The Merriam-Webster dictionary defines “natural” as “being or composed of ingredients that are from nature and not artificial.”
With that definition in mind, it makes sense that when you see the words “all natural” or “natural flavors” on a food or drink label, you expect that the ingredients are “from nature.”
But you might be surprised at how unnatural some of those “natural” ingredients are. In fact, the Food and Drug Administration has no set definition of what “natural” means in labelling.
Since its 1906 Pure Food & Drug Act, the FDA has deemed that natural flavors must originate from a natural source, but the FDA does not stipulate what is done to that substance afterwards. In fact, many “natural” flavors become decidedly unnatural after spending some time in the lab.
A good example of the term “all natural” gone bad is orange juice. Although commercially produced orange juice includes orange juice as a natural ingredient, the product often undergoes an unnatural process before it hits your grocery store shelf.
In her book, “Squeezed: What You Don’t Know About Orange Juice,” Alissa Hamilton explains that orange juice companies first squeeze oranges into giant tanks that remove all the oxygen from the juice. Without oxygen, orange juice can be stored for up to a year before bottling.
However, without oxygen, the juice also loses its flavor. So, orange juice companies add orange flavor back in later with specially designed “flavor packs.” Although the flavor packs do contain some natural ingredients (such as orange oil and orange essence), they usually are mixed and formulated in a lab along with other chemicals and compounds.
As a result, all-natural orange juice is not all orange juice.
Likewise, natural vanilla flavor does not always come from vanilla beans. In another example, a British biotech company is working to create a grapefruit flavor from oranges, since oranges are less expensive and more readily available than grapefruits.
According to Popular Science, in order to create a grapefruit essence, the British scientists are isolating a chemical in oranges, called “valencene,” and combining it with an enzyme to manufacture a grapefruit flavoring, called “nootkatone.” A Boston company called Ginko Bioworks is working on a similar process to give yeast a vanilla taste.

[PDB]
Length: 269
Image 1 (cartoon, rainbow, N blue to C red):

While artificial flavors can come from petroleum or other inedible substances, “natural flavors” can come from a spice, a fruit or vegetable, edible yeast, herb, bark, bud, root, leaf, meat, seafood, poultry, eggs, dairy products, or anything fermented from those foods, according to the FDA’s Code of Federal Regulations.
Lab workers, called flavorists, can take a startling array of ingredients and work with them to mimic certain natural flavors. So, why not use the natural source itself? The answer is to save money. For example, real cherries are costly, but a lab-formulated “natural” cherry taste can be much less expensive.
Once flavorists find a tasty formula blend, the recipe is then manufactured at production plants.
In its database of more than 80,000 foods, the Environmental Working Group lists “natural flavor” as the fourth most common ingredient – behind only salt, water and sugar — listed on food labels. Unfortunately, the FDA does not require manufacturers to spell out what is in their “natural flavors.” The only exceptions are common allergens — milk, egg, fish, shellfish, peanuts, soy, tree nuts or wheat.
Therefore, the only way to really know if the “natural ingredients” in a product are really natural is to contact a food manufacturer directly to request detailed information.
Of course, another option is to bypass these types of processed goods entirely and to eat foods in their natural state as much as possible. That way, you’ll know exactly what you are eating.
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